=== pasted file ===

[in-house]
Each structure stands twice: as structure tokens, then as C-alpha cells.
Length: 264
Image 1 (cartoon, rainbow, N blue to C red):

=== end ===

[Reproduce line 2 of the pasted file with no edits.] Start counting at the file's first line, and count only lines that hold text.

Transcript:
Each structure stands twice: as structure tokens, then as C-alpha cells.